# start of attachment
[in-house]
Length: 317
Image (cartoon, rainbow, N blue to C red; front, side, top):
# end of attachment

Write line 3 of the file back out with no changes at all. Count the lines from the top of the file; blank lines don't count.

Image (cartoon, rainbow, N blue to C red; front, side, top):